Date of Award

Summer 8-23-2019

Level of Access Assigned by Author

Open-Access Thesis



Degree Name

Doctor of Philosophy (PhD)


Forest Resources


Daniel Hayes

Second Committee Member

Aaron Weiskittel

Third Committee Member

Shawn Fraver

Additional Committee Members

Bruce Cook

John Kershaw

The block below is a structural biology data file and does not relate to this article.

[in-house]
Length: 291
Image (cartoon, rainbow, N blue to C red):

For two decades Light Detection and Ranging (LiDAR) data has been used to develop spatially-explicit forest inventories. Data derived from LiDAR depict three-dimensional forest canopy structure and are useful for predicting forest attributes such as biomass, stem density, and species. Such enhanced forest inventories (EFIs) are useful for carbon accounting, forest management, and wildlife habitat characterization by allowing practitioners to target specific areas without extensive field work. Here in New England, LiDAR data covers nearly the entire geographical extent of the region. However, until now the region’s forest attributes have not been mapped. Developing regional inventories has traditionally been problematic because most regions – including New England – are comprised of a patchwork of datasets acquired with various specifications. These variations in specifications prohibit developing a single set of predictive models for a region. The purpose of this work is to develop a new set of modeling techniques, allowing for EFIs consisting of disparate LiDAR datasets. The work presented in the first chapter improves upon existing LiDAR modeling techniques by developing a new set of metrics for quantifying LiDAR based on ecological ii principles. These fall into five categories: canopy height, canopy complexity, individual tree attributes, crowding, and abiotic. These metrics were compared to those traditionally used, and results indicated that they are a more effective means of modeling forest attributes across multiple LiDAR datasets. In the following chapters, artificial intelligence (AI) algorithms were developed to interpret LiDAR data and make forest predictions. After settling on the optimal algorithm, we incorporated satellite spectral, disturbance, and climate data. Our results indicated that this approach dramatically outperformed the traditional modeling techniques. We then applied the AI model to the region’s LiDAR, developing 10 m resolution wall-to-wall forest inventory maps of fourteen forest attributes. We assessed error using U.S. federal inventory data, and determined that our EFIs did not differ significantly in 33, 25, and 30/38 counties when predicting biomass, percent conifer, and stem density. We were ultimately able to develop the region’s most complete and detailed forest inventories. This will allow practitioners to assess forest characteristics without the cost and effort associated with extensive field-inventories.